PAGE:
London Olympic Centres 2012
The latest completed venue for the London 2012 Olympics is the Basketball Arena, a PVC tent designed by Sinclair Knight Merz with Wilkinson Eyre and KSS.
A patterned surface is created on the exterior where the skin stretches over arched frames.
The arena will host handball and basketball during the Olympics next year, and wheelchair rugby and basketball for the Paralympics.
Two thirds of the structure will be reusable after the games are over, when the building will be completely dismantled.
Basketball Arena becomes fourth Olympic Park venue completed
The London 2012 Basketball Arena has become the fourth Olympic Park venue completed, more than a year ahead of the Games and is one of the quickest venues to finish construction, the Olympic Delivery Authority (ODA) announced today.
The Basketball Arena is one of the largest temporary venues ever used for an Olympic and Paralympic Games and will be dismantled after the Games to be reused elsewhere. Initial works on site began in October 2009, with work to erect the 1,000-tonne steel frame starting in March 2010. The venue has now been completed on budget, making it one of the quickest Olympic Park venues to finish construction.
With the ODA’s construction works completed, the venue will now be handed over to the London 2012 Organising Committee (LOCOG) to carry out overlay works to get the venue ready for the first Olympic Park test event in August – the venue will host the London International Basketball Invitational to be held from the 16th-21st August which will see six top men’s teams from around the world come to London to compete (Great Britain, Australia, China, Croatia, France and Serbia).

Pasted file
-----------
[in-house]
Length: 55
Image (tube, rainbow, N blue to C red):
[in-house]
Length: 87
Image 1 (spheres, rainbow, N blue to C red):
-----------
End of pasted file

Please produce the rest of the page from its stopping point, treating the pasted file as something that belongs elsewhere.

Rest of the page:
During the 2012 Games, Basketball preliminary matches and Women’s quarter finals will be staged at the Arena, in addition to the Handball men’s quarter finals, all semi finals and medal matches. It will also host Wheelchair Basketball and Wheelchair Rugby during the Paralympic Games.
ODA Chief Executive Dennis Hone said: ‘Completing construction on the Basketball Arena delivers another striking Games-time venue for the Olympic Park and an innovative structure that can be re-used elsewhere after 2012. As the fourth Olympic Park venue completed and one of the quickest to finish construction, the Basketball Arena is another milestone for the Olympic Park ‘Big Build’ and a tribute to the companies from across the UK involved in its delivery.’
Hugh Robertson, Minister for Sport and the Olympics, said: ‘Basketball is one of the most atmospheric competitions of the Games and this has been captured by the artistic design of the Arena. The speed with which this venue has been constructed is a tribute to the ODA and the architect whose design means this facility can be re-used after the Games.’
London 2012 Organising Committee Chair Seb Coe said: ‘Basketball is one of the most popular Olympic sports and spectators will be able to see the game played out in spectacular surroundings. It is a superb venue which will be the centre of some of the best team action during the London 2012 Olympic and Paralympic Games.’
Venue design and facilities and design:
12,000 seats – black and orange seating designed to represent the colours of a basketballVenue is 35 metres high (as high as the Tate Modern) and longer than a football pitch at 115 metres long1,000-tonne steel frame wrapped in 20,000sqm of recyclable white PVC membrane, stretched over three different variations of arched panels.During the Games the exterior will act as a canvas for an artistic and innovative lighting design.Venue facilities including lifts, toilet blocks, corridors and VIP access rooms installed beneath venue seating frameAfter the Games the venue will be dismantled by the contractors which built and own the temporary elements, with the option of potentially using elements of the arena at other UK and overseas events.Construction
The Basketball Arena design team was lead by Sinclair Knight Merz together with Wilkinson Eyre and KSS
The venue was constructed by companies from across the UK, including: